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Taken from The Register-Guard (Oct 4, 2013)

Michael Franti, new pop star

The socially conscious musician is broadening his appeal on this album

by Alan Sculley


Michael Franti
Photo by Lauren Dukoff

Michael Franti’s new album, “All People,” is likely to surprise at least some fans — especially those who have followed him over the long haul and associate his music primarily with hip-hop, reggae and funk, punctuated by issue-oriented lyrics.


“All People” finds Franti moving toward more of a dance-pop sound, mixed with a few folk-flavored tunes and more of a positive lyrical stance that emphasizes love and good times over serious, issue-oriented content.


The album puts Franti, who plays the McDonald Theatre on Tuesday, more in step with today’s top 40 and pop radio trends. Considering he has gained considerable popularity with his previous two albums — 2008’s “All Rebel Rockers” included the top 40 hit “Say Hey (I Love You),” while the title track of 2010’s “The Sound of Sunshine” topped the AAA radio chart — some might see “All People” as his attempt to break through on radio and grab at least a measure of pop stardom.


Franti is aware of the shift in his music, but in a phone interview he said it’s just another step in a career-long attempt to evolve and grow musically, not a calculated attempt to expand his audience.


“When I was a kid, my favorite group was the Clash,” said Franti, 47, offering a case study to illustrate his point. “They made all of these records when they were young, and they only knew how to play three chords. And they sounded a certain way. They sounded like a band that only knew three chords.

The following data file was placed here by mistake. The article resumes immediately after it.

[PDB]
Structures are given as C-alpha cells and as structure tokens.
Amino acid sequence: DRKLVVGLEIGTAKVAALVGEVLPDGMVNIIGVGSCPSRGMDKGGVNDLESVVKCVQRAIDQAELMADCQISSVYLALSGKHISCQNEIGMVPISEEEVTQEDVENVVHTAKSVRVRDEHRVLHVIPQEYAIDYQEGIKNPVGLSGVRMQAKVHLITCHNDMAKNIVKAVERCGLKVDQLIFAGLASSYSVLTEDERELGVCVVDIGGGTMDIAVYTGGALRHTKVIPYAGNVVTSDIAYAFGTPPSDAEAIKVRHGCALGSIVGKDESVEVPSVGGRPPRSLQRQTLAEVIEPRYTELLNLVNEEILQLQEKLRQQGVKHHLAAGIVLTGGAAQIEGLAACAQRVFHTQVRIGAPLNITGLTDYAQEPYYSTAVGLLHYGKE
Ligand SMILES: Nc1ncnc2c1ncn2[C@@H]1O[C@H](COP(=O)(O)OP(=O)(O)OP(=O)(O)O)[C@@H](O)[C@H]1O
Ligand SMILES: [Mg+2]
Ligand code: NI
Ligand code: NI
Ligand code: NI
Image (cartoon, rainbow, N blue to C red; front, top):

“Then they started to experiment with reggae, jazz, funk, hip-hop, rap and then they started making these records that could only be called the Clash. And then some of their songs started to get played on mainstream radio. And people said the same thing, ‘Oh God, now the radio is playing their music.’


“But I listen back to all of their records today and I just hear this evolution of oh, they’re adding this to it, they’re adding this to it. ... Now, it’s like the radio has come around to where they are. And that’s how I feel.


“Like this single we have, ‘I’m Alive.’ It’s like, when I first made that song, it just was a drum beat, a straightforward drum beat and acoustic guitar, and I started whistling on top of it and singing this song. I didn’t think it was going to be a single at all. I thought it sounded like a bunch of people on top of a hill like playing tambourines and singing and playing acoustic guitar and chanting this ‘oh-woah-oh.’


“But the label (Capitol Records) heard it and they’re like, ‘That’s the single.’ I was like, ‘Wow, really? Go for it.’ And it became that.


“But I do love dance music, and we want our people to come to the shows and listen to the songs and be able to dance. I think maybe that’s the biggest change — really making beats that we think people can dance to.”


Progressing to pop


No matter how one views “All People,” one thing is obvious.